Do You Have the Right Small Business Retirement Plan?

By: Joseph Caputo – Chief Information Officer and Associate Portfolio Manager

Has your business established a retirement plan that is right for you and your employees? If you are like many business owners, you probably do not have the time to research all the different plans and options that are available, based on the type of business you run. For example, depending on your business, you could establish a SEP IRA, a 401(k), a Profit Sharing Plan, or even a Defined Benefit Pension Plan.

There are many options, and it is important that you have a plan in place. If you are in the process of recruiting or expanding your work force, a well-designed plan could be the difference between talented individuals joining your team and deciding to work somewhere else.

Despite the many differences in plan designs, most have a few things in common. For starters, a small-business retirement plan not only allows you to save for retirement, it also allows you to reduce your tax liability today. As an added benefit, some plans allow your employees to contribute extra funds for their own retirements.

There are many factors to consider when you are choosing a plan or evaluating the suitability of your current one. For example, your target retirement date may influence which available investment choices are appropriate for your situation. In addition you’ll want to ask:

  • Does the plan carry high fees?
  • What are the underlying mutual fund expense ratios?
  • Is the plan diversified?

A professional investment advisor can help evaluate your needs and recommend a plan.

As a starting point, consider the following employer-sponsored retirement plans for small businesses:

401(k) Safe Harbor Plans (Named after Section 401(k) of Internal Revenue Code). These plans can be appropriate for companies with two or more employees. A plan participant can contribute up to $17,500 of his or her salary ($23,000 for age 50 and older) on a pre-tax basis, as a Roth contribution, or as a combination of pre-tax and Roth. In addition to the employee elective deferrals, the employer has the option to contribute employer matching contributions and/or employer non-elective contributions (prof-it-sharing contributions), not to exceed a total employee and employer contribution of $52,000 ($57,500 for age 50 and older). There are several investment options and models to choose from. A customized plan can be created for your business.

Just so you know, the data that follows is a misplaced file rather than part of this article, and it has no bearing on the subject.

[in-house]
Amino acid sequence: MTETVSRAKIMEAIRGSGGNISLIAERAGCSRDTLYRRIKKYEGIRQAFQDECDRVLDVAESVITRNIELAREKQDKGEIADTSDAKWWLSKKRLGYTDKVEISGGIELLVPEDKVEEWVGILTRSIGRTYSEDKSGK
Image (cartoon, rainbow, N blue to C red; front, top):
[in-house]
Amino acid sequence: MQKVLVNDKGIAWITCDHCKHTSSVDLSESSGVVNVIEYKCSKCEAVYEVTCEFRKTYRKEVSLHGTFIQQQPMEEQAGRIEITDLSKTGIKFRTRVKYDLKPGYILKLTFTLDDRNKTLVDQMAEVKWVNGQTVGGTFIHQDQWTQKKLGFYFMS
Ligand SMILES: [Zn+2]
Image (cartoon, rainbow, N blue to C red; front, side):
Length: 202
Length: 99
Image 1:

Individual-401(k) Plans (Solo 401k). Designed for the sole-proprietor and his or her family, this plan adopts rules similar to a 401(k) Plan.

SEP (Simplified Employee Pension) Plans. A SEP provides business owners with a simplified method to contribute toward their employees’, as well as their own, retirement savings. SEP plans are tailored for small businesses and for the self-employed. SEP plans are easy to establish and administer and have no annual IRS filing requirements.  Employee participants can choose their own investment allocations and models, and contributions are always 100 percent vested. Employer contributions to a SEP must be in the same percentage of salary to each eligible employee. SEPs do not permit employee elective deferrals. The employer’s contribution is deductible as an employer expense.

SIMPLE (Savings Incentive Match Plans for Employees) Plans. This type of plan can be appropriate for a company with 100 or fewer employees. A SIMPLE IRA plan allows employees and employers to contribute to traditional IRAs set up for employees. It is well-suited as a start-up retirement savings plan for small employers not currently sponsoring a retirement plan. SIMPLEs are easily established; however, the employer cannot have any other retirement plan already established. Each year, the employer is required to contribute either a matching contribution up to 3 percent of compensation (not limited by the annual compensation limit), or 2 percent non-elective contribution for each eligible employee. Employees are always 100 percent vested for both contribution types.

Source: IRS.gov

BWFA is ready to assist small business owners with their investment needs. contact us at 410-461-3900 or emailus@bwfa.com if we can be of help to you.